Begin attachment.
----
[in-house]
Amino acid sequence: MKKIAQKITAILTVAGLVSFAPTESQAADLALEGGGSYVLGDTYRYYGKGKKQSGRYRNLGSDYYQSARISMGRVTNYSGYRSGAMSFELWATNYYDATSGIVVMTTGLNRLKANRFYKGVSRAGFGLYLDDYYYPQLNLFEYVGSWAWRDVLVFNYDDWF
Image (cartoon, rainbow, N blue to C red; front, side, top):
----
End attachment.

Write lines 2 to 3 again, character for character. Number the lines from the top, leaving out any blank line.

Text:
Amino acid sequence: MKKIAQKITAILTVAGLVSFAPTESQAADLALEGGGSYVLGDTYRYYGKGKKQSGRYRNLGSDYYQSARISMGRVTNYSGYRSGAMSFELWATNYYDATSGIVVMTTGLNRLKANRFYKGVSRAGFGLYLDDYYYPQLNLFEYVGSWAWRDVLVFNYDDWF
Image (cartoon, rainbow, N blue to C red; front, side, top):